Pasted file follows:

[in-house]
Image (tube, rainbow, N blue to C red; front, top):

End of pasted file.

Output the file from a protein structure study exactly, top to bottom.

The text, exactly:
[in-house]
Image (tube, rainbow, N blue to C red; front, top):